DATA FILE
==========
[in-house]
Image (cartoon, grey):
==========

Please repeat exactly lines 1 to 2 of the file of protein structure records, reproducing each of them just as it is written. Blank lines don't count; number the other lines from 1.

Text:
[in-house]
Image (cartoon, grey):